Personal info could be stolen from wearable devices
DIANA CHABAI, CONTRIBUTOR
Fitbits might track your steps, but hackers can use them to track you.
A new study released in January by the University of Toronto said some fitness trackers – like Fitbit, Garmin, Jawbone and Apple products – transmit data even if you’re not in the middle of a workout. That means hackers could potentially track and steal users’ personal information.
Users of any and all wearable fitness tracking technology (including smart watches like Apple Watch and Samsung Gear watches) could be exposed, according to TechRepublic.
Mitch Rear, 18, said he wears both because they offer different features.
“A smart watch is more for business,” he said. “It tracks steps, but it doesn’t do it as well as a real tracker.”
Rear sells fitness trackers and other wearable technology at the Best Buy on Regent Avenue. He wears a Garmin wristband and said he prefers it to other brands because it’s waterproof and has a long battery life. But when asked which tracker brand is the most popular, he said Fitbit has the market cornered.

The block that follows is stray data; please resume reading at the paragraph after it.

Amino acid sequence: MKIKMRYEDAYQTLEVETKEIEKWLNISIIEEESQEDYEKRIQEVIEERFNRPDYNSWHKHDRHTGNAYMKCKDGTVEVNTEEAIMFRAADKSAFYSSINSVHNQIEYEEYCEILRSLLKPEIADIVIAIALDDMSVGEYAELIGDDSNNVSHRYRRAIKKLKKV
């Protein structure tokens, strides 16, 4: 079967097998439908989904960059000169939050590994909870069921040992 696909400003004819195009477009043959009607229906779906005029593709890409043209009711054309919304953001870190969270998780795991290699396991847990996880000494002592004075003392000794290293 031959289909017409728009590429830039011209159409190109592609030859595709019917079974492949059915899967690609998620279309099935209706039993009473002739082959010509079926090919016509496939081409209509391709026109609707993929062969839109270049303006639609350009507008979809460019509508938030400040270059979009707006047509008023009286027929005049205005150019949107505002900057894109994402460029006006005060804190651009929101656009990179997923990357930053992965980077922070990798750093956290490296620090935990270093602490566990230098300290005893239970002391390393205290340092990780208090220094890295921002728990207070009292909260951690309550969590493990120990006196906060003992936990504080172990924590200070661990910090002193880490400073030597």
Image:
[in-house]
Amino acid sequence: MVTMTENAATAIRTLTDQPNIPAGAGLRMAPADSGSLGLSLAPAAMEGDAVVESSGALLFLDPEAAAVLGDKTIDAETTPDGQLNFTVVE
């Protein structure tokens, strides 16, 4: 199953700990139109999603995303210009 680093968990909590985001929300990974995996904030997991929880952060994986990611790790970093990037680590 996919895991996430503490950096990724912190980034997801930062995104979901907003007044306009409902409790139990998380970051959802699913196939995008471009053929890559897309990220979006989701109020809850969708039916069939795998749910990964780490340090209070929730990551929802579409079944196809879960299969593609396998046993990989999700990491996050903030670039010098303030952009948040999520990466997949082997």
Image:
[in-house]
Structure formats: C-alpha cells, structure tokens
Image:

“Fitbit is the big one,” Rear said. “It’s probably because of the connectability with friends. It’s basically the social media of fitness.”
Shadeen Dion, a third-year University of Winnipeg student, uses the Fitbit app for that reason. She started using it a year ago when friends encouraged her to participate in activity challenges. She said it keeps her motivated. “You can look and see, ‘oh, this person’s only a thousand steps ahead of me.’”
Dion, 20, said she thought about getting an actual fitness tracker to use with the app, but hasn’t so far. “I don’t need added features. Measuring steps is the main thing,” she said. “I have my phone on me constantly.”
In January, Buzzfeed News broke a story about fitness tracker attacks. Hackers logged into accounts, changed usernames and emails and tried to swindle users out of warranty coverage. Dion said the news made her more anxious about getting a wearable device. “My mind goes to the Criminal Minds side of it,” she said.
One of the University of Toronto researchers said because wearable technology is so new, there aren’t many regulations yet, which could be a reason for the current security risk.